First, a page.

Seoul, South Korea –
At least 146 people have been killed and 150 others injured in a stampede during Halloween festivities in Seoul, officials have said in one of South Korea’s biggest disasters that will likely raise serious questions about public safety standards.
The massive death toll is being tallied after people were crushed by a large crowd pushing forward down a narrow alley in Seoul’s Itaewon neighborhoods, a major entertainment and nightlife district of the capital.
Choi Seong-Beom, fire chief of Yongsan in Seoul, said the death toll could rise and an unknown number of injured were in critical conditions after the stampede in Itaewon on Saturday night.
He said the bodies were sent to hospitals or a gymnasium, where bereaved family members could identify them. He said earlier that most of the dead and injured were in their 20s.
More than 1,700 response personnel from across the country were deployed, including approximately 520 firefighters and 1,100 police and 70 government employees. The National Fire Agency said in a statement that all available rescue workers in Seoul have been mobilized.
Around 100,000 people gathered in Itaewon – near a former US military forces headquarters in an area known for its trendy bars, clubs and restaurants – for the country’s biggest outdoor Halloween festivities since the start. of the pandemic. The South Korean government has eased COVID-19 restrictions in recent months.
A survivor said many people fell and toppled “like dominoes” after being pushed by others down a narrow downhill alley near the Hamilton Hotel in Itaewon. The survivor, surnamed Kim, said some people shouted “Help me!” and others were out of breath. Kim described being stomped on by other people for about an hour and a half before being rescued, according to the Seoul-based Hankyoreh newspaper.
Another survivor, named Lee Chang-Kyu, said he saw about five to six men start pushing the others before one or two started falling one by one at the start of the stampede, according to the newspaper.
The stampede is the biggest disaster since 304 people, mostly high school students, died in a ferry sinking in April 2014. The sinking revealed lax safety rules and regulatory failures, as it was partly blamed on excessive and ill-secured cargo and an ill-trained crew. emergency situations. Friday’s stampede is likely to provoke public criticism of government officials over what they have done to improve public safety standards since the ferry disaster.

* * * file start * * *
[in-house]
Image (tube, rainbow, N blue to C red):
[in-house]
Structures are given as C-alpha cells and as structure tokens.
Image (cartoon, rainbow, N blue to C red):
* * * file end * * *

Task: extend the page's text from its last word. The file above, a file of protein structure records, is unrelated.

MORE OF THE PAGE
Television footage and photos showed ambulances lined up in the streets amid a heavy police presence and rescue workers moving the injured on stretchers. Rescuers and pedestrians were also seen performing CPR on people lying in the streets. In one section, paramedics were seen checking the condition of a dozen or more people who lay motionless under blue blankets.
In an interview with the YTN news channel, Hwang Min-Hyeok, one of the Itaewon visitors, said it was shocking to see rows of bodies lying in the alley near the Hamilton Hotel. He said rescuers were initially overwhelmed, leaving pedestrians struggling to administer CPR to injured people lying in the streets. People were crying next to the bodies, he said.
Another survivor in his 20s said he avoided being stepped on by chance entering a bar with an open door in the alley, Yonhap news agency reported. A woman in her twenties, surnamed Park, told Yonhap that she and others stood along the alley as others were caught in the middle.
South Korean President Yoon Suk Yeol issued a statement calling on authorities to ensure prompt treatment of the injured and review the safety of party venues. He also asked the health ministry to quickly deploy disaster medical assistance teams and secure beds in the nearby hospital to treat the injured.
The Seoul Metropolitan Government has sent emergency text messages urging area residents to return home quickly.
There have been deadly stampedes in South Korea in the past.
In 2005, 11 people were killed and around 60 others were injured during a stampede at a pop concert in the southern town of Sangju. In 1992, a teenage girl died and dozens of others were injured in a stampede at a Seoul concert by American pop group New Kids on the Block.
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